Anatomy of a 3D Printer

Want to know what’s going on in that 3D printer of yours? Here we dissect a Fusion3 F306 printer to give you an overview of the main parts found inside most 3D printers. We don’t cover every single nut and bolt, just the important parts that are instrumental in printing. Click here for a printable version.

A. Cooling Fan

This blows cool air over the extruded plastic to cure the print and help it retain its shape. Some materials and prints may not need to have the cooling fan running while printing.

B. Heat Sink Fan

This fan blows air across the heat sink to prevent heat from creeping up the extruder barrel. Heat creep can cause some filaments to swell and jam in the extruder barrel.

C. User Interface

Most printers have an LCD display that alerts users of printer temperatures or other print-related data. This interface can provide simple data or can take the place of needing to have your printer connected to a computer for printing.

D. SD Card Slot

Many printers are equipped with an SD card slot that allows files to be directly loaded into the printer without the need to be connected to a computer.

E.Belts/Cables

Belts or cables are driven by motors to provide movement along the x and y axis.

F. Stepper Motors

This is a brushless, sychronous, DC motor found in everything from RC cars to electric automobiles. They provide precise movement from sprockets and belts to move the extruder, print bed and other parts on the printer.


M. Hot End

1. Heat Sink
The heat sink keeps heat from traveling upward and melting the plastic prematurely.
2. Heat Sink Fan
Attached to the heat sink, the fan blows air across the heat
sink to prevent heat from creeping upward in the filament.
3. PTFE Tube
The PTFE tube prevents heat from traveling up the extruder and melting filament prematurely.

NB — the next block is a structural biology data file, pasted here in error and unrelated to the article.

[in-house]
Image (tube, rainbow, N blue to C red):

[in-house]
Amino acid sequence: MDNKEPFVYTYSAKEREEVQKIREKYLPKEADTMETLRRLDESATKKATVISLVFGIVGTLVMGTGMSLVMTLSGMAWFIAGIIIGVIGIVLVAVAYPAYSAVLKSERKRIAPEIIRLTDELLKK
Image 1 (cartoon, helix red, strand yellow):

4. Heater Cartridge/Heat Element
This heats up the plastic for extrusion. The heater cartridge is essentially a resistor.
5. Thermistor/Thermocouple/RTD
A thermisitor is the most common temperature sensor. It measures the temperature in the printer’s hot end. A thermocoupler works similarly, but can handle higher temperatures. These are usually ceramic or a polymer. A resistance temperature detector (RTD) also measures temperature in the hot end, but is metal.
6. Nozzle
This is the hold for the melted filament to be extruded. Nozzles come in different sizes and materials to accommodate the different filaments available


G. Hobbed Gear/Filament Drive Gear

The hobbed gear (sometimes referred to as the filament drive gear) is the gear that moves the filament to the extruder.

H. Print Bed

This is where objects are printed. Heated beds are best to prevent warping when printing with ABS. Non-heated beds work best with PLA (which isn’t as susceptible to warping). Check out our guide for bed prep recommendations.

I. Filament

Filament is a strand of plastic polymer that is extruded by the printer. Filament typically comes in 1.75mm or 2.85mm diameters. MakeShaper offers a wide range of filaments.

J. Leadscrews

Leadscrews typically drive movement to the z axis by rotating back and forth. They are similar in fashion to threaded rods, but leadscrews are purpose-built to provide more accuracy with less chance of backlash or wobble.

K. Power Supply

The power supply is an internal component that supplies power to the components within the printer. It works just like it does in any other electronic device, by converting AC (alternating current) from the outlet into steady, low voltage DC (direct current).

L. Motherboard

This is the brains of the printer! It contains the microprocessor and other circuitry that interacts with the other electrical components within the printer to orchestrate functions and interpret data.